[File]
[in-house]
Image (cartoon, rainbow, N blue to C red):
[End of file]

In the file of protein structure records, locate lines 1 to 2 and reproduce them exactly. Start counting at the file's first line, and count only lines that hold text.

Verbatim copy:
[in-house]
Image (cartoon, rainbow, N blue to C red):